MLT fans reportedly wrote fan letters to her, which were answered back. This may have contributed to the urban legend that she was actually a living person.
“Forsaken Doll” was likely recorded near the end of MLT’s career, when her “mommy” and “daddy” divorced (Guy and Pip [played by Nora Aunor and Tirso Cruz]). The fans turned away, then the entertainment exects wanted nothing to do with MLT. She was washed up before her fifth birthday.
She was last seen on a derilict street corner on crack, and trying to hustle herself to Ken in front of Barbie.
The British musical group The Jack Emblow Sextet played often on the BBC in the 50s and 60s. Jack Emblow himself played the accordion.
This sheds light as to why “playtime” for a housewife meant “tea time”.
I wish I could say this was a joke. But the 1966 American release of “Yesterday and Today”, which I don’t remember, probably because I only remember the santiized version of this record cover, really did exist. 750,000 of these were released, but most of them had the alternative cover pasted on after the controversy ensued.
So this is how The Meat Puppets got their inspiration. It goes without saying that collectors are reportedly paying at least $40,000 for this album cover, and still more if it is one of the stereo releases.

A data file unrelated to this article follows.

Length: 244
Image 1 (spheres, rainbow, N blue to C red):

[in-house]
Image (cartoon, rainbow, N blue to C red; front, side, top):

The Beatles themselves reportedly had mixed reactions. Lennon and McCartney were OK about it, while Harrisson reportely was more retrospect. Personally, I would have left the blood and gore for Ozzy Osbourne and Alice Cooper. I can’t see McCartney biting off the heads of chickens on stage. Not even Lennon.
Even after using this sanitized album cover, this album remains as the only money loser for The Beatles that Capitol ever released, despite the hit songs that were on it: “Yesterday”, “We Can Work It Out”, “Nowhere Man” and “Day Tripper”; and despite the fact that it hit #1 on Billboard, and became certified Gold.
This is way off the other end. Clinically sanitized. The Beatles are neither extreme, and that is their whole appeal, in my view. They established their reputation by taking artistic risks while being in full control of their craft.